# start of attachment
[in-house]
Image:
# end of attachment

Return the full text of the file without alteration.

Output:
[in-house]
Image: